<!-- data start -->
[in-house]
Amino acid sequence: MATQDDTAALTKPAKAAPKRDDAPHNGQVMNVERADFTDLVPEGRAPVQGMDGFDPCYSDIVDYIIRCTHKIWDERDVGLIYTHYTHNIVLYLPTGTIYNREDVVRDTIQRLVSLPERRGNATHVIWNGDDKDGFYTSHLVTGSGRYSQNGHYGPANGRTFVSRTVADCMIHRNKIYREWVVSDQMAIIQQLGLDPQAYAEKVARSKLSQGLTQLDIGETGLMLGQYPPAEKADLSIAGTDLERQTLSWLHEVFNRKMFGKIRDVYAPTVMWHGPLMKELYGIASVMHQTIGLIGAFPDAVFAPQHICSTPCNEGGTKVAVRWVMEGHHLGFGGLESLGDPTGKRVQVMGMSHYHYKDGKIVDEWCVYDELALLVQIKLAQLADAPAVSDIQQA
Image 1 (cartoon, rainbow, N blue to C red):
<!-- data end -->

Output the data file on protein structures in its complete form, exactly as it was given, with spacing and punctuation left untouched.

[in-house]
Amino acid sequence: MATQDDTAALTKPAKAAPKRDDAPHNGQVMNVERADFTDLVPEGRAPVQGMDGFDPCYSDIVDYIIRCTHKIWDERDVGLIYTHYTHNIVLYLPTGTIYNREDVVRDTIQRLVSLPERRGNATHVIWNGDDKDGFYTSHLVTGSGRYSQNGHYGPANGRTFVSRTVADCMIHRNKIYREWVVSDQMAIIQQLGLDPQAYAEKVARSKLSQGLTQLDIGETGLMLGQYPPAEKADLSIAGTDLERQTLSWLHEVFNRKMFGKIRDVYAPTVMWHGPLMKELYGIASVMHQTIGLIGAFPDAVFAPQHICSTPCNEGGTKVAVRWVMEGHHLGFGGLESLGDPTGKRVQVMGMSHYHYKDGKIVDEWCVYDELALLVQIKLAQLADAPAVSDIQQA
Image 1 (cartoon, rainbow, N blue to C red):